Friday, September 21, 2012

Good People

Note: This piece contains spoilers for the play Good People which is currently playing at the Steppenwolf Theater.

Last week I accompanied LPCS Guests to the Veteran Night play at the Steppenwolf Theater. The play was Good People, and it addressed intersecting issues of class and race. The main character was Margie Walsh, who is a middle-aged, single mother from Southie (a poor neighborhood in Boston). Margie had just been fired from her job as a cashier at a local grocery store. She proceeded to look for help from her old boyfriend, Mikey, who has now become a doctor and lives in Chestnut Hill (one of the wealthiest parts of Boston). The first meeting between the two of them is wrought with underlying tension that only continues to build. As the play unfolds, the difference in socio-economic class between Margie and Mike becomes more and more obvious. We find out that Mikey has not kept in touch with anyone from his childhood and that he has not been back since he left for college, although he tries to redeem himself by mentioning that he volunteers at the Boys and Girls Club by acting as a board member. A difference in the way they speak also denotes their differences in class. Margie uses Southie slang where as Mike speaks “properly”.

The scene in the play that struck me the most was when Margie and Mike are arguing back and forth about why Margie has never moved out of their childhood neighborhood, while Mikey has done so well for himself that he is now living in one of the wealthiest neighborhoods in the city. Although they never pinpoint one specific reason why Mikey has done so much better for himself, it does beg the question of if it is really possible to pull yourself up the socio-economic ladder without any outside help. I think it hints at how difficult it really is to successfully work your way into a higher socio-economic class, especially if you are not given a great set of cards to begin with.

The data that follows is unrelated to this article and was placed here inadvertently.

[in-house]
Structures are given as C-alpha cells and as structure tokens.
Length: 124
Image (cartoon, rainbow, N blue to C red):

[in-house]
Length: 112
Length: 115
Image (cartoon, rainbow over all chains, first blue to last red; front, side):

While it was fun to hang out with the Guests and see the play, it also forced me look introspectively at these issues. I kept thinking about how the issues that the play was highlighting were very real experiences of many people. It struck me how easily the names of neighborhoods and the cities could be changed to virtually any American city and the issues that the play explored would still be very pertinent. Something else that I kept thinking was how interesting it is that someone would pay money to see a play that discussed very intense and often uncomfortable issues of class and race, issues that are still very relevant to today’s society but that are often pushed under the rug for the sake of convenience. The end of the play offered no solutions but I thought it was a perfect way to end such a play as I feel like we still struggle with what kind of response to have.   
By: Dana Furuyama, Volunteer Coordinator

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